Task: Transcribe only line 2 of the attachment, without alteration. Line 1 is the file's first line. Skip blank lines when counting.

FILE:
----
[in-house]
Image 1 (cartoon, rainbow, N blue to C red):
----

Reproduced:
Image 1 (cartoon, rainbow, N blue to C red):